M1 and M2 macrophage polarization and potentially therapeutic naturally occurring compounds

Youhan Wang, Wanli Smith, Dingjun Hao, Baorong He, Lingbo Kong

Research output: Contribution to journalReview article

Abstract

Macrophages, as crucial cellular components of innate immunity, are characterized by possessing high plasticity and an abnormal ability to differentiate in response to numerous stimuli. Given this, macrophages show extreme heterogeneity under both physiological and pathological conditions. Typically, macrophages can be polarized into classically activated macrophages (M1) and alternatively activated macrophages (M2) depending on their environment. The relative functions of these two subtypes are almost exactly opposed to one another. Recent studies have suggested that some naturally occurring compounds can exert regulatory effects on the progression of macrophage polarization, which implies that they could be promising therapeutic tools to treat relevant diseases. Therefore, in our current review, we summarize recent studies on several naturally occurring compounds that may possess the ability to regulate macrophage polarization and explore the associated molecular mechanisms.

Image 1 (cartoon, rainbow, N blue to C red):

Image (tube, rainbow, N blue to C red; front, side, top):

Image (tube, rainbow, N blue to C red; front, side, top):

Original languageEnglish (US)
Pages (from-to)459-466
Number of pages8
JournalInternational Immunopharmacology
Volume70
DOIs
StatePublished - May 1 2019

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Macrophages
Therapeutics
Innate Immunity

Keywords

  • Inflammation
  • M1
  • M2
  • Macrophage
  • Naturally occurring compounds

ASJC Scopus subject areas

  • Immunology and Allergy
  • Immunology
  • Pharmacology

Cite this

M1 and M2 macrophage polarization and potentially therapeutic naturally occurring compounds. / Wang, Youhan; Smith, Wanli; Hao, Dingjun; He, Baorong; Kong, Lingbo.

In: International Immunopharmacology, Vol. 70, 01.05.2019, p. 459-466.

Research output: Contribution to journalReview article

Wang, Youhan ; Smith, Wanli ; Hao, Dingjun ; He, Baorong ; Kong, Lingbo. / M1 and M2 macrophage polarization and potentially therapeutic naturally occurring compounds. In: International Immunopharmacology. 2019 ; Vol. 70. pp. 459-466.
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